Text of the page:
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      • I have just bought the Rowan Atkinson series of Maigret, mostly because I was curious to see him take on a role so different to Mr Bean. But I also have two Simenons in French: Le Passager du Polarlys and Les Inconnus dans la Maison. I picked them up for a song at the French Festival here in Melbourne, because I remembered how my Indonesian improved when I read Agatha Christie novels translated into Indonesian. I’d read all her novels long ago (in English) but I couldn’t remember whodunnit so I just had to keep reading to find out.
        But it sounds as if Christie is a bit tame compared to Simenon…

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        • Hi Lisa,
          Rowan Atkinson. I thought that the Black Adder was wonderful, but am not so excited about his work since then. I hadn’t known he had done Inspector Maigret, that might be fun.
          Agatha Christie is a bit tame compared to Georges Simenon. That must be the understatement of the year! 🙂

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          • Yes, I liked Black Adder too… it’s been running on iView recently and has ben fun to watch since missed most of it the first time round.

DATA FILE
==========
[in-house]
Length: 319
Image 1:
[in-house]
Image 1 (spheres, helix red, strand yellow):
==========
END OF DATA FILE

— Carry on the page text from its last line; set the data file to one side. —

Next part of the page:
AG is hilarious to read in Indonesian. Though Indonesians are as keen to stratify their society as anybody else, there is no Indonesian equivalent to the English county house and its class distinctions, and of course all the huntin’ and fishin’ and dinin’ that goes on bears no resemblance to anything in Indonesia either. I had great fun with it.

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  2. This does sound grim, even as far as Simenon is concerned. Have you read Dirty Snow? I thinks that’s the most disturbing one I’ve read to date. Unremittingly bleak.

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    • Hi Jacqui,
      I did read ‘Dirty Snow’, and I was not repulsed by ‘Dirty Snow’ like I was with ‘Act of Passion’. When I read ‘Dirty Snow’, I applauded Simenon for plunging into the dark side of life. However now I criticize Simenon for jumping too far into the dark side with ‘Act of Passion’.

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  3. First up, I really didn’t like Atkinson as Maigret, but maybe that’s just me. I love the Maigret books but the non Maigret Simenon books I’ve read have been very dark and you do get to a point where you wonder why you’re reading about such awful people. Perhaps I’ll just stick to the Inspector!

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    • Hi kaggsy,
      I have not read an Inspector Maigret book yet. Maybe that’s my problem. I am one of those prissy types who read only real ‘Literature’.
      Since I hadn’t heard of Rowan Atkinson as Maigret before, I suspect it did not get the greatest reviews. It might have been funnier if Atkinson played the murderer in ‘Act of Passion’ or the sleazeball kid in ‘Dirty Snow’. 🙂